Sunday, September 22, 2013

A Unique, Passively Cooled Home in the Tropics

Kotaro Nishiki built a passively cooled home in Leyte Philippines at 11 degs north latitude that incorporates a number of unique cooling features that allow the home to be cooled passively and without electricity.  Definitely worth a look if you live in a hot, low latitude climate.

In this area, most homes are constructed of concrete, and the concrete structures tend to absorb solar heat during the daytime, and then retain that heat through the night making the homes uncomfortable. Kotaro's design is centered on eliminating these daytime solar gains.

Leyte is quite warm summer and winter, so solar heat gains is to be avoided all year long.  At 11 degrees north latitude, the  winter sun shines on the south side of the house, and the mid summer sun actually swings into the north and shines on the north side of the house.  He keeps the whole house shaded using these techniques:

  • The south facing single slope roof has on overhang on the south that keeps the south wall in shade most of the day.
  • The north side of the house is shaded by an roof extension sloped down to the north that shades the north side of the house most of the day.
  • The roof is double layered with airflow between the well spaced layers.  This greatly reduces solar heat gain through the roof.
  • The east and west walls of the house are double wall construction with a couple feet between the walls.  The shading that the outer wall offers plus airflow between the double walls keep the wall temperatures low.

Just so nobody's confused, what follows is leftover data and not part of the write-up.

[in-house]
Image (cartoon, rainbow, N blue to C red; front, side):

• In addition, he has worked out ways to take advantage of the night temperature drop and to use thermal mass on the basement to provide some cooling.

I think that even homes that are mechanically cooled could utilize some of the Kotaro's techniques to reduce heat gain and AC energy use.

Kotaro's website provides more detail, diagrams and pictures of the house ...


Monday, September 9, 2013

Update and Thoughts on Treated Lumber PV Array Mounts

Back in 2009 I built a ground mounted PV array for my house. The mounting system used treated 4 by 4 treated lumber for the mounts.

There was some concern expressed that the treated lumber would not have a good life. So, I've put up a page that covers:

  • How things are going so far with the treated lumber mounts
  • Results of a little research on various types of treated lumber.
  • Ongoing maintenance.
  • A design detail change for better timber decay resistance.

The treated lumber PV array supports

One of the posts after 4 years.
The new page gives some detail on types of treatment you want to use, ongoing maintenance,  better design details, ...

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